The sockeye salmon (Oncorhynchus nerka) is a cold water fish that has adapted to life in both fresh and salt water habitats. Adult salmon spend up to four years in the salt water of the ocean before they return to fresh water rivers and streams to lay eggs or spawn. The sockeye salmon is different from other species of salmon in that the juveniles spend a portion of their lives in a lake associated with the river used for spawning.
Cold water ocean habitats for the sockeye salmon range along the Pacific coast of North America from Washington State to Alaska. They are also found in the Bering Sea from Alaska across to Siberia and south to Japan. These salmon are abundant in fresh water rivers and streams of Washington State, Alaska, and British Columbia.
Mature sockeye salmon living in the ocean are silver in color with a slight blue tint. Also referred to as blueback salmon, their silver coloring allows them to avoid predators. Upon entering fresh water in order to spawn, the sockeye salmon changes to a bright red color in order to attract a mate.
Female red salmon spawn or lay eggs in the gravel of a fresh water riverbed. The eggs are laid in nests known as redds and are fertilized soon after by the male salmon. After fertilization, the female sweeps her tail across the gravel to cover the eggs. She then moves on and lays another batch. Female sockeye salmon can lay more than 2,000 eggs during spawning.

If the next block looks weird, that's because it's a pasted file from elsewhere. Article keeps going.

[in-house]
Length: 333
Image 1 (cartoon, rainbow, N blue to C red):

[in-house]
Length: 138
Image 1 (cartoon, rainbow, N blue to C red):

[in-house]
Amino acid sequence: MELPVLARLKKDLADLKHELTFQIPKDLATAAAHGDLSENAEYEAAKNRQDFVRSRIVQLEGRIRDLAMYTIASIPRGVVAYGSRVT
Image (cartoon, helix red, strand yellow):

Salmon eggs take from two to four months to hatch, during which time the young salmon survives on the yolk within the egg. After hatching, the young salmon enter the stage of its life cycle known as the alevin. Alevins look like tiny fish with the balloon-shaped yolk sac still attached to their bodies. They remain in the nest for several more weeks and survive on the food in the yolk sac.
It is when it is in the alevin stage that the salmon learns the smell of the water, plants, and rocks of the area. The smell is what gives the adult salmon the ability to return to the same fresh water habitat for spawning. Taken together, the smells are unique enough that the salmon will travel thousands of miles to return to the river or stream of its own birth.
After the alevin stage, a young sockeye salmon absorbs the yolk sac and develops into a fry. As a fry, the salmon is about an inch long and is able to finally leave the nest in search of food. At several months of age, the fry acquires vertical stripes and becomes known as a parr. After one to two years, the parr develops into a smolt.
The smolt heads toward the ocean and its body begins to change so that it can survive in salt water. Groups of smolts will gather at the mouth of the river and wait until their kidneys and gills are developed enough to adapt to the ocean. Adult salmon live in the ocean for about four years before traveling back to the river or stream for spawning.